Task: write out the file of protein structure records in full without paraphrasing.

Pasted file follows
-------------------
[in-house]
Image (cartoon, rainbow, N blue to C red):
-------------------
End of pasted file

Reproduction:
[in-house]
Image (cartoon, rainbow, N blue to C red):